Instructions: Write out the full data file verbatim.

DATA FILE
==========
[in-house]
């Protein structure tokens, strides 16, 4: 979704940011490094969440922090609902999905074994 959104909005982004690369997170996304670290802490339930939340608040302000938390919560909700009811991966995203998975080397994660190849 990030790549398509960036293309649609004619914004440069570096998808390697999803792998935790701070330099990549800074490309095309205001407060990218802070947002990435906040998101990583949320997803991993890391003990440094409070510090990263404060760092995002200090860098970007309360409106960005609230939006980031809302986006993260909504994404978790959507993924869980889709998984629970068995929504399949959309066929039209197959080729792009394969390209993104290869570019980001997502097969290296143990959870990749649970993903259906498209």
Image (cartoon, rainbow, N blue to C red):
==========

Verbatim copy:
[in-house]
């Protein structure tokens, strides 16, 4: 979704940011490094969440922090609902999905074994 959104909005982004690369997170996304670290802490339930939340608040302000938390919560909700009811991966995203998975080397994660190849 990030790549398509960036293309649609004619914004440069570096998808390697999803792998935790701070330099990549800074490309095309205001407060990218802070947002990435906040998101990583949320997803991993890391003990440094409070510090990263404060760092995002200090860098970007309360409106960005609230939006980031809302986006993260909504994404978790959507993924869980889709998984629970068995929504399949959309066929039209197959080729792009394969390209993104290869570019980001997502097969290296143990959870990749649970993903259906498209």
Image (cartoon, rainbow, N blue to C red):